Having said that, to save you some time, here are a few obvious tasks that you should never automate and a few you probably should:

Don’t Automate Direct Messages on Twitter

Regardless of how poorly this reflects on your brand, I’m asking you not to do it for the sake of everyone else on Twitter. This tactic has basically rendered the DM tool on Twitter useless. If someone does send you a “real” message, there’s a good chance you’ll never see it due to the jungle of automated responses within it must reside.

Don’t Schedule Posts Too Far Ahead

Or, if you do, keep an eye on them and be ready to make changes if necessary. Scheduling a month’s worth of posts in one sitting and then taking a hike is a sure way to dish out inaccurate or offensive information to your audience. This is how the local businesses discussed earlier in this article got in trouble during Hurricane Sandy.

Don’t Distribute Content You Haven’t Approved

We can make this easier by just saying don’t share content that a “human” hasn’t approved. This comes into play when using tools like Paper.li. I have nothing against Paper.li, but many marketers do use it inappropriately, adding a lot of risk to their social campaigns.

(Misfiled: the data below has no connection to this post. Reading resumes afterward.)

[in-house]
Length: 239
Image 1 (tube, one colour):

If you’re using a tool like Paper.li to find content for you based on hashtags, keywords, or other variables, you still want to take a look at that content before you share it with your audience. It’s just too risky to “auto-share” content that hasn’t been vetted by a human eye.

Do Use Tools to Schedule for Optimal Times

Tools like HootSuite can add a touch of automation that complements your personal efforts. Studies show that certain times of the day or week can greatly increase the chance that your social posts will be seen and shared. If you’re in a different timezone than your audience, tools like this can be golden, saving you from waking up in the middle of the night just to send a tweet (not cool).

Do Use Tools to Automatically Find Relevant Content for You

The amount of content being published every day is ridiculous. Nobody expects you to read every single relevant blog in your industry, each day, to find great content to share. Using a tool like Curata, for example, can drop a bundle of relevant content on your lap every morning, allowing you to easily browse it in one place.

This saves you time and ensures you don’t miss any “hot” content. The only warning here, again, is to not automatically share any of this content before reviewing it yourself.

Do Use Tools and Freelancers to Save Time and Stay Consistent